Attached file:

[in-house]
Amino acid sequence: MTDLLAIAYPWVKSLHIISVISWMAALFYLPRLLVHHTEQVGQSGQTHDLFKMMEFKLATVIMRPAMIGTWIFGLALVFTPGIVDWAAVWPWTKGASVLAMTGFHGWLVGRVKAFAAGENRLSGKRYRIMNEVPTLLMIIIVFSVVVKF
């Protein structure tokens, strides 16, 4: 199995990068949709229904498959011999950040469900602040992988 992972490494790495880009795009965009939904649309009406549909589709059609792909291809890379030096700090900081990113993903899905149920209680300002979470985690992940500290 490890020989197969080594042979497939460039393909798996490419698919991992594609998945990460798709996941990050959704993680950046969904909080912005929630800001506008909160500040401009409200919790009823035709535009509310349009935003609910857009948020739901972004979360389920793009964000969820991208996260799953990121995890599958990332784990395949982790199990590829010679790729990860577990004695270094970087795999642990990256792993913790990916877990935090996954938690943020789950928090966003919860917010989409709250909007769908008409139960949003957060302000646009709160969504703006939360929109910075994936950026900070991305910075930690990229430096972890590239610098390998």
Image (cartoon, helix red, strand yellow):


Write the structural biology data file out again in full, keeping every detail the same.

[in-house]
Amino acid sequence: MTDLLAIAYPWVKSLHIISVISWMAALFYLPRLLVHHTEQVGQSGQTHDLFKMMEFKLATVIMRPAMIGTWIFGLALVFTPGIVDWAAVWPWTKGASVLAMTGFHGWLVGRVKAFAAGENRLSGKRYRIMNEVPTLLMIIIVFSVVVKF
């Protein structure tokens, strides 16, 4: 199995990068949709229904498959011999950040469900602040992988 992972490494790495880009795009965009939904649309009406549909589709059609792909291809890379030096700090900081990113993903899905149920209680300002979470985690992940500290 490890020989197969080594042979497939460039393909798996490419698919991992594609998945990460798709996941990050959704993680950046969904909080912005929630800001506008909160500040401009409200919790009823035709535009509310349009935003609910857009948020739901972004979360389920793009964000969820991208996260799953990121995890599958990332784990395949982790199990590829010679790729990860577990004695270094970087795999642990990256792993913790990916877990935090996954938690943020789950928090966003919860917010989409709250909007769908008409139960949003957060302000646009709160969504703006939360929109910075994936950026900070991305910075930690990229430096972890590239610098390998």
Image (cartoon, helix red, strand yellow):